Why are Christians afraid of biblical criticism?

Aractus 26, September, 2022

Around a decade ago, one of my Christian friends put forward the view that the bible should not be subjected to academic enquiry. I had heard this view many times, including by the late minister at my (former) parish. Going back around 20 years now, another friend who was studying at Moore (one of the most conservative seminaries) was being taught stuff that even I as unread and uneducated on biblical scholarship at the time knew was breathtakingly wrong. One time when when I said Jesus spoke Aramaic he responded dogmatically with “that’s pure conjecture and my teachers would wipe the floor with you”. He repeated “pure conjecture” at me.

Seminaries don’t exist to create free critical-thinking academic graduates. If they did, well then they’ve done a lousy job. Prepare to be shocked by the disparity.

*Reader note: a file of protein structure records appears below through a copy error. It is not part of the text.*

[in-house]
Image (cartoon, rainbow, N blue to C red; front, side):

By the Numbers

There are currently around 8,000 SBL (Society of Biblical Literature) scholars. Those are the people recognised in the West as bible scholars. They need to work in a Western university (including university seminaries/bible colleges) and either hold a teaching position or be active in some way in biblical-related research. “Eastern bible scholars” don’t count.

By way of comparison, there at least 800,000 ordained Christian clergy in the world. Let that number sink in for a moment. There’s over 400,000 Roman Catholic priests according to their own statistics. Although precise statistics on the rest of Christianity is not available we can conservatively estimate the number as at least 400,000 on the following grounds: 1. Roman Catholics represent about 50% of global Christianity, 2. they have a global shortage of priests, 3. the barrier to ordination for protestants is lower and includes women. Because the RC’s have a shortage of priests there will likely be less retired or part-time clergy compared with non-Catholic denominations, so the true number of global clergy could easily be in excess of 1 million.